A strong contender for the #1 spot. Admiral Kirk on the Enterprise and Khan Noonian Singh on the captured Reliant face off for the last time. Several things make this battle work so well. There's a lumbering sense of scale with these huge ships taking time to make turns, pass, reverse course and so on. They also need to strategically manoeuvre and place themselves to get the best firing angles (Kirk gains the upper hand after Khan, more used to fighting land battles on Earth, fails to properly appreciate the 3D nature of space). It feels more strategic. Other SF shows (including later Star Trek ones) tend to make the ships feel more like nimble fighters, which isn't always appropriate. More key is the fact that the two ships are actually pretty evenly matched. In fact, the larger Enterprise is probably slightly more powerful. It requires Khan to get the drop on Kirk and put him on the back foot. This is the key point the later attempts to match this battle (most notably in Nemesis and Into Darkness) ignore, as they prefer to have the Enterprise crew go up against someone in some gonzoid massive ship of mega-death, which is simply excruciatingly dull.


Star Trek: The Next Generation: Defending the Enterprise-C
Season 3, Episode 15: Yesterday's Enterprise
Airdate: 19 February 1990

 
Given its 178-episode, seven-season run it's surprising that Star Trek: The Next Generation didn't have more space battles. There were a few battles in the Klingon Civil War and the Enterprise would occasionally have to fire on alien ships which were either ridiculously inferior or, more frequently, would have no impact, but not much more than that. The highlights were the battles against the Borg, although they tended to end with the Borg victorious which wasn't so much fun. More annoying was that the most famous battle in Star Trek's history, the Battle of Wolf 359, where forty Federation starships took on a Borg cube and were obliterated, took place off-screen. A small slice of the battle is seen in the Deep Space Nine pilot episode, Emissary, but a larger and more elaborate depiction of the battle was cut for time.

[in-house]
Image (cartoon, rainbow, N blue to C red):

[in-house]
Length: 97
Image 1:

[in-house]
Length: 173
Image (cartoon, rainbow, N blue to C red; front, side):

That leaves TNG's sole contribution to memorable space battles being one that happened in a parallel timeline. In this timeline, created when the Enterprise-C was flung twenty-two years forwards in time, the Federation is slowly being crushed by the Klingon Empire. Realising that the Enterprise-C can restore history to its proper place if it returns to the past, Captain Picard and the crew of the Enterprise-D have to buy time for their escape...easier said than done when three Klingon K'Vort-class battlecruisers are bearing down on them. The stage is set for a pretty impressive (for 1990) space battle, and one that gleefully takes advantage of its alternate universe setting to kill off regular characters. Sadly, the scene where Wesley Cruser is decapitated by debris (no, really) was cut at the scripting stage.
 

Star Trek: Deep Space Nine: The Defence of DS9
Season 4, Episode 1: The Way of the Warrior
Airdate: 2 October 1995



Deep Space Nine was The Next Generation's grittier and more conflict-driven spin-off, where negotiations were less assured of success and desperate phaser exchanges more commonplace. There was less potential for space battles at first, with the DS9 station being too large and powerful for single ships to attack and the crew's runabout shuttles being too small and weedy to take on larger ships, but in the second and third seasons the threat of the Dominion emerges and the station prepares for war. Ironically, it isn't the Dominion who are the first force to stage a full-scale attack on the station (that will come almost two seasons later) but the Federation's own erstwhile allies, the Klingons. Manipulated by the Dominion into attacking the Cardassians and then enraged when Sisko's crew rescues the Cardassian government and proves they aren't Dominion shapeshifters, the Klingons stage a massive assault on DS9 that doesn't entirely go to plan.


Star Trek: Deep Space Nine: Operation Return
Season 6, Episode 6: The Sacrifice of Angels
Airdate: 3 November 1997